Then why are all those brick ovens creating cracks during their de-watering process and mine is crack free during my curing fire?

Yep! still a newbie--please make the point clear!
Reply With Quote
  #157  
Old 09-03-2013, 04:04 AM
stonecutter's Avatar
Il Pizzaiolo
 
Join Date: Jun 2007
Location: South Carolina,USA
Posts: 1,521
Default Re: Rockland County, NY 36" build with pictures.

Quote:
Originally Posted by mikku View Post
Hey! Now both Stonecutter and Davids got me all cornfused. So when I was doing the progressively hotter and hotter fires what was I doing with my refractory mortar but curing it with fire?
Material like mortar, castable refractory, concrete, etc,etc, cures through chemical reaction, absorbing carbon dioxide and moisture evaporation. Some material, depending on it's contents, cure faster than others. Faster setting material creates it's own heat. Even using warm water in a mortar mix will speed cure time ( not a good thing )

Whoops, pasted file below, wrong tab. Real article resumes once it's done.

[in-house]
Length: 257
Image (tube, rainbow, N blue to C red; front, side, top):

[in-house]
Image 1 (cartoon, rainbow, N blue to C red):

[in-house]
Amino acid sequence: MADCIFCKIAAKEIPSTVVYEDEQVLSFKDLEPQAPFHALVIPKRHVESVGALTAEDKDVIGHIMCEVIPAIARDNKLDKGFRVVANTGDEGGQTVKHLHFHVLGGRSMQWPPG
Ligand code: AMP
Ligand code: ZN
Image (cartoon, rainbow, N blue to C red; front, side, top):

Firing uncured masonry obviously creates more heat than the naturally occurring chemical reaction. Driving out moisture is good for firing during use, as we all know, steam can be damaging through pressure.

Firing the masonry before it is cured weakens the material, because it needs to be completely hydrated in order to achieve maximum strength.


Time puts practice to the test...a few months of use does not. And, understand I am not saying anyone did anything 'wrong'...you may not see any cracking for a long time. But the margin for error goes up drastically if you do not fully cure material containing portland cement.
david s likes this.